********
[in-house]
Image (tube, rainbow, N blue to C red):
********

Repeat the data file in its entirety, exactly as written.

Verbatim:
[in-house]
Image (tube, rainbow, N blue to C red):